On Monday night, someone is going to win the provincial AAA varsity girls’ basketball championship. Their celebration will be hard-pressed to top the jubilation shown by the Sisler Spartans on Saturday.
The Spartans scratched and clawed all afternoon in their quarter-final matchup with the Vincent Massey Trojans before finally asserting themselves in the latter stages of the fourth quarter.
Sisler, the fifth seed, squeaked out a 45-42 win over the fourth-seeded Trojans in a game in which no basket was conceded without a fight.
"It feels amazing," said Spartans captain Pamela Zaldarriaga, a Grade 12 forward. "We’re a small team, and no one expected us to be here. It’s a big step for us to get to the final four. Last year we lost in the quarter-finals, so it’s big for us to go one step further."
Sisler will face top-seeded, and undefeated, Oak Park in Thursday’s first semifinal at 6 p.m. at Investors Group Athletic Centre. The Raiders beat Garden City 76-64 to advance.
Sisler coach Mike Tan said Saturday’s effort was typical for his group — a workmanlike effort that may have been short on style points.
"We’re a hard-working group," said Tan, who isn’t shy with his criticism from the sideline. "They’ve busted their butts for me all year. They’re absorbing what I’m saying, even though sometimes it’s a little bit of tough love. They know I want them to succeed."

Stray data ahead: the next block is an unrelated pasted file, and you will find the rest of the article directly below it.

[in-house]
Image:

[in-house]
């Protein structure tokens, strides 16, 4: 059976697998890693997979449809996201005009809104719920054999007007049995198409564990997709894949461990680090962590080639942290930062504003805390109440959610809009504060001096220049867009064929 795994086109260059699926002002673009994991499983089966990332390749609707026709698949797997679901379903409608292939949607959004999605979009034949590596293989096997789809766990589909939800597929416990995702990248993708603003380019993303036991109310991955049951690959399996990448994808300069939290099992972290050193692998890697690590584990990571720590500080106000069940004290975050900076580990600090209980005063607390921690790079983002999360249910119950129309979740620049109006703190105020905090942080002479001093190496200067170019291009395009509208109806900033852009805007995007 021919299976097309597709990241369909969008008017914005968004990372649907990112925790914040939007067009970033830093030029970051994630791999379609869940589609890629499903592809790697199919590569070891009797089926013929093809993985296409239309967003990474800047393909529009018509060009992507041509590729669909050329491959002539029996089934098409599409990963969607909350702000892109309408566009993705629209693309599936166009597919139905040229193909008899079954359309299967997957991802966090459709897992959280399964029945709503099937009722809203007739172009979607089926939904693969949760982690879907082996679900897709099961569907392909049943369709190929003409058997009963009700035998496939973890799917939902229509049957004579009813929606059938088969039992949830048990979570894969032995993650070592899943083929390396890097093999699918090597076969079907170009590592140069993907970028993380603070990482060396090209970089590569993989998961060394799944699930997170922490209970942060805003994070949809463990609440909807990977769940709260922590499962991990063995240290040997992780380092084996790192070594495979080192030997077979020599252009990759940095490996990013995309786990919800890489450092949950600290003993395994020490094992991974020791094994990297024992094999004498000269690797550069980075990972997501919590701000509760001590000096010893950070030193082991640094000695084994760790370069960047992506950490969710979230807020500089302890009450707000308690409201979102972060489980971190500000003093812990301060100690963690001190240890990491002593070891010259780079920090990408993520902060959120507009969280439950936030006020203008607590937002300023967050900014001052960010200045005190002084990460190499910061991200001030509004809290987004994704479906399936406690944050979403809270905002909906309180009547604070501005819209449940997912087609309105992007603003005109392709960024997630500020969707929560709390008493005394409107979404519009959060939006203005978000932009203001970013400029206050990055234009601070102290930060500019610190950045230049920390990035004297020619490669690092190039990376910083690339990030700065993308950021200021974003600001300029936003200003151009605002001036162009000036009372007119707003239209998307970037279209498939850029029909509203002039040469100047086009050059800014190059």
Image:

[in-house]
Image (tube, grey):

The Spartans know they’ll need a near-perfect game to upset the Raiders on Thursday.
"We can’t be scared," Zaldarriaga said. "We have to play our game. It’s going to be tough, but we’ll give them a challenge."
Tan said the Raiders present an enormous problem for opponents because instead of having two or three weapons that need to be stopped, they have five or six.
In the second semifinal, the No. 2 seed, defending champion Glenlawn will take on third-seeded Miles Macdonell at 8 p.m.
The Lions were 68-46 winners over Fort Richmond, while the Buckeyes pulled away late to defeat Westwood 80-66.
Miles Mac coach Karl Schroeder has been working with his current group of Grade 11 players, which includes his daughter Julia, since many of them were 10 years old.
"They’re like an extension of my family," he said. "This group has been together for a very long time, and we have three really special Grade 12s who provide the missing links of leadership."
The Buckeyes have been near the top of the provincial rankings all season long, and expected to challenge for a championship.
"The girls have a real commitment to each other," Schroeder said. "They have a lot of talent, but they’re also willing to work. They have a wonderful work ethic."
Co-coach Erin Drazic said the focus against the Lions wouldn’t be a secret: the Buckeyes will need to figure out how to slow down Emily Potter, Glenlawn’s dominant inside player.
"Our focus will be defence and rebounding," Drazic said. "If we do that, the offence usually takes care of itself."
The semifinal winners will play for the provincial title on Monday at 6 p.m., followed by the boys’ final at 8 p.m.